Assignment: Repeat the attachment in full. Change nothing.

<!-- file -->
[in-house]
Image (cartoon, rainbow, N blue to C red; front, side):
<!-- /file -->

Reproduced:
[in-house]
Image (cartoon, rainbow, N blue to C red; front, side):